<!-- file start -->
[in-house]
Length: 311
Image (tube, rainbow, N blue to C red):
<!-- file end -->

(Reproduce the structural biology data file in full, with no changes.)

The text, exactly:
[in-house]
Length: 311
Image (tube, rainbow, N blue to C red):